But the most popular Republican of all, Ronald Reagan, has shrewdly avoided playing this game. In contrast to Mondale's, Reagan's campaign eschewed ethnic appeals in favor of a more broad-based approach. An ad that appeared in several papers, including The Pacific Citizen, the newspaper of the Japanese-American Citizen League, showed a cowboy-shirted Reagan with the Statue of Liberty looming large in the background. The text spoke to all Americans: "Opportunity, hard work, and faith in God and family are the building blocks of the future and the basis of President Reagan's new beginning for America.' Reagan ended up with 67 percent of the Asian-American vote. Similarly, the Republican right has enjoyed tremendous popularity among new Vietnamese immigrants, not with a specially tailored pitch, but with a consistent brand of virulent anticommunism. Democrats needn't adapt such extreme foreign policy views to recognize the value of appeals based on something broader than ethnicity.

Rehabilitate "fairness'

This is not to suggest that ethnic awareness is without value. Among people who share a certain heritage or set of experiences, it's only natural that a special feeling of community will develop. And certainly our sense of justice can't help but be informed by both individual and group experiences. Federal policy toward Indians is understood by those who live on the reservation a good deal better than by those who live in Manhattan; Gulf Coast fishermen are bound to care more about setting proper boundaries for territorial waters than are grain storage operators in Kansas. Legitimate grievances against our government inevitably are recognized only after the affected parties have spoken up. Barring a sudden and unexpected epidemic of empathy and altruism, that's the way it will always be. But it's important to keep in mind that every citizen's ultimate interest is in preserving a society that deals fairly with everyone--not just fellow members of an ethnic or special interest group.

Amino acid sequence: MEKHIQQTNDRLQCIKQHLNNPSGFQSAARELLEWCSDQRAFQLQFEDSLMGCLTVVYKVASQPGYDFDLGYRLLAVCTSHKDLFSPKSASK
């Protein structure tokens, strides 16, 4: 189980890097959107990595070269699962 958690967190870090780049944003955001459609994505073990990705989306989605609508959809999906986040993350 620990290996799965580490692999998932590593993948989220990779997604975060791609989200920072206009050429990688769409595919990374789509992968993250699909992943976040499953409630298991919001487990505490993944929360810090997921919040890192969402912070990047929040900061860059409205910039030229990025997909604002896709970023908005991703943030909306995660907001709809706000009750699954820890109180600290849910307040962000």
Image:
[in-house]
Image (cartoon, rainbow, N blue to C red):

Polls conducted by the Democratic party show that "fairness' has become a dirty word to the American public. The likely reason is that it has come to be understood as a code word for brokering among groups rather than a legitimate means of serving social justice.

Categories like "Asian-American,' "elderly,' and even "black' don't necessarily distinguish those who need to be dealt in from those who already have been; they are a shorthand that substitutes for, and sometimes obscures, a more subtle understanding of human need. Those with the most need, of course, almost never have meaningful clout on their own. The poor and underprivileged, it is often noted, do not contribute to political action committees. When Asian-Americans were powerless, few of us worried about their plight. Now that they are engineers and businessmen, polticians are eager to help. Our goal should be to find out who are today's equivalents of the Chinese who laid the railroads and how we can help them.
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Author:Massey, Thomas
Publication:Washington Monthly
Date:May 1, 1986